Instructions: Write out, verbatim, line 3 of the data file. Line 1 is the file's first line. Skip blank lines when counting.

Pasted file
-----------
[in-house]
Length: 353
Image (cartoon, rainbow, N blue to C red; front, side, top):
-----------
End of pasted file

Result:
Image (cartoon, rainbow, N blue to C red; front, side, top):